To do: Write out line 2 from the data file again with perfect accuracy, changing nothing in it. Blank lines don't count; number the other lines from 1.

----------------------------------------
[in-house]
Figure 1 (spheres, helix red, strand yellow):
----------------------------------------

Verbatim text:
Figure 1 (spheres, helix red, strand yellow):